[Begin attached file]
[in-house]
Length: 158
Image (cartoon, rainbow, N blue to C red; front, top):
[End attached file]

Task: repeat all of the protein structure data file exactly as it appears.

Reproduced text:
[in-house]
Length: 158
Image (cartoon, rainbow, N blue to C red; front, top):